saturday afternoon


By September 28, 2013 October 24th, 2015 2 Comments

Unlike the countless teachers, professors, researchers, explainers and news junkies that have gone before us, our generation has immediate access to the top minds of our day. “Newness,” or “new(s),” are everywhere, and while the sheer amount of new(s) can be mind-numbing, I can’t help but smile at the thought of what we will do with the vast chaotic ocean of information churning just a few taps away.

My friend Dave Rinker and I are experimenting with a new form of church education. Think Sunday School on Adderall, but instead of Jesus we talk about earth, water, wind, sexual identity, biomimicry, hexeteuch, ancient ritual, linguistic structure, the geography of theology, and, of course, bees with brain-lasers. We use a giant whiteboard that doubles as a film screen, hold group discussions, make book and app recommendations, and, most excitingly, learn from everyone who attends. I have been having the time of my life. The question we want to ask with Godtalk is: what are the new(s)? What are the new discussions now, and what are the discussion we will face in the coming years? What will be our generation’s atomic bomb, or women’s lib? What list of new(s) is the world working through, and how can the church be a part of it?

Right now each class session is $5 with a hefty discount if you purchase all the sessions at once, or have attended one of the previous sessions. We discussed the sales model at length, and decided it was much like going to watch a musician friend play at a pub. If my good friends Lauren and Matt work hard to compose and shape a set of room-silencing songs (as they do with unbelievable ease), and then book a gig at a local bar, I would happily pay a $5 cover charge (plus Scotch) to watch them play. Dave and I compose too, we compose with the new(s), the vast chaotic ocean of information just a few taps away, inspired by the top minds of our day, and compelled to share what we learn with our local faith communities. While personally I would prefer to offer our classes for free, charging ups our game, because we want to give you your money’s worth. And if you are willing pay, it means that you value our hour of creative content, our set list of theological music, and value the hours of reading and researching and writing that compelled us to create the class in the first place.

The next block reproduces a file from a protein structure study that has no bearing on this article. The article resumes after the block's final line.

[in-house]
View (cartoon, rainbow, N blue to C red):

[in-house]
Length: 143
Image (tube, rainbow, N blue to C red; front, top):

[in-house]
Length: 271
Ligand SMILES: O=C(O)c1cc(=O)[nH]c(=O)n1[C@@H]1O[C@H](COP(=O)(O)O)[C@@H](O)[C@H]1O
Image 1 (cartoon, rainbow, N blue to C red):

The best part is that neither Dave or I get paid for this, the money goes to help people in the church. We do it because we love it, and to the beautiful people who have been bold enough to give this new church ed paradigm a chance, we love you too. It has been such a pleasure to embark with you, and your support and kind words have touched our hearts. Thank you.

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